In September the Chicago-based Council on Tall Buildings and Urban Habitat (CTBUH) gathered high-minded designers, developers and engineers for a conference in Shanghai. CTBUH, which often partners with AN on conferences, including our own Facades+ events, invited me to serve as a special media correspondent for the conference, held September 16–19. I spent most of the time conducting video interviews with the symposium guests, which we'll post here on the AN blog as they become available. For now, here' a quick overview of the topics discussed. The theme of this year's conference was “Future Cities: Towards Sustainable Vertical Urbanism.” It was an especially relevant topic given the venue—held in the elegant, SOM-designed Jin Mao Tower, the conference looked for lessons (and warnings) in the kind of supertall, super-dense development that turned the Lujiazui area of Shanghai's Pudong district from farmland into a world financial center in just 20 years. Symposium presenters tackled sustainability from several angles. Matthew Clifford, head of energy and sustainability services for North Asia at JLL, stressed building operation and management is as important as design when it comes to energy use and building performance. Cathy Yang, manager of Taipei 101, recounted how “greening” the 101-story building did not turn a profit until the initiative's sixth year, but then made up for it in just three years. The Taiwanese supertall remains the largest LEED Platinum–certified building in the world. Jianping Gu of Shanghai Tower Construction and Development espoused the benefits of the “stereoscopic” form of his building, which at 2,073 feet is set to become the tallest building in China upon completion next year. “If you compare Shanghai Tower to Taipei 101Petronas Towers, those were all isolated," Gu said. "There were already two towers in the vicinity when we started. We had to pay particular attention to harmonizing with those buildings. We consider this an issue of sustainability.” But towering, monumental architecture may not be for everyone. David Gianotten, an OMA partner heading the firm's Hong Kong office, told me OMA gets so many briefs seeking “iconic” design that the word has begun to lose its meaning. “If everything's special, then nothing's special,” he said. That debate continued onto the conference floor, where developers discussed how China's third- and fourth-tier cities should embrace the tall building boom—or whether they should at all. On the conference's final day, Mun Summ Wong of Singapore-based WOHA talked about the psychological environment of horizontal cities, and how tall buildings should better embrace the human scale. “The idea is to inject more urban life into the high-rise city,” Wong said. “We introduce horizontal movement in the high-rise building because it changes the dynamic. When you talk to the people next to you in an ordinary high-rise, it is considered rude. But in the street, you talk to people, build relationships and bonds.” Similarly, Yang Wu of the Bund Finance Center warned of the risks of homogeneous skylines. “When I open my eyes in the morning and I am in Shenzhen, I still think I am in Shanghai because they look the same,” he said. “[China is] duplicating buildings and the mistakes of the West. There is focus on building bizarre and tall buildings but ignorance of the connotations–resulting in cold buildings for cold cities. As a developer, I call on architects: you need to have your own independent ideas that bring vitality.” You can read more about the conference on CTBUH's website. Check back here as we post video interviews.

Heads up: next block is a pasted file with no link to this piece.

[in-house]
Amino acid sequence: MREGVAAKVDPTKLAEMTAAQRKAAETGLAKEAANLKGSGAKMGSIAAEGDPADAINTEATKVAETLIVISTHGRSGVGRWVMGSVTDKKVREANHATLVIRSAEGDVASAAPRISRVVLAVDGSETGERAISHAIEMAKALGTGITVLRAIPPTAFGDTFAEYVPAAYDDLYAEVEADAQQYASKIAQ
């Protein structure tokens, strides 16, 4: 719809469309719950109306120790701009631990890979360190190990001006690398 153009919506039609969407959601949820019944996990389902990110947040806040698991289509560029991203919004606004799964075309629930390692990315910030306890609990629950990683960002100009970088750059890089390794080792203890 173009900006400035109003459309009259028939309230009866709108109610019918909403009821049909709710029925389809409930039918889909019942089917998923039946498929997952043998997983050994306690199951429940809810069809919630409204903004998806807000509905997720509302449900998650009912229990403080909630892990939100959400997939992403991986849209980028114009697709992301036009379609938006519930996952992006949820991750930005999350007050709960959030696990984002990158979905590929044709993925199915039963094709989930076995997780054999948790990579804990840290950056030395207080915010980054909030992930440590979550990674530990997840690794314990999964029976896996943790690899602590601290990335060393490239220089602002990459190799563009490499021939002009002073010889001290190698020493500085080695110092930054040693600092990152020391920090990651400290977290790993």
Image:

The Clock is Ticking! One Week Until Facades+ PERFORMANCE in Chicago